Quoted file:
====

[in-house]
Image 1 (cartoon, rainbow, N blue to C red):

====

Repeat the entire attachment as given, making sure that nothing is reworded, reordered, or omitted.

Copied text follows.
[in-house]
Image 1 (cartoon, rainbow, N blue to C red):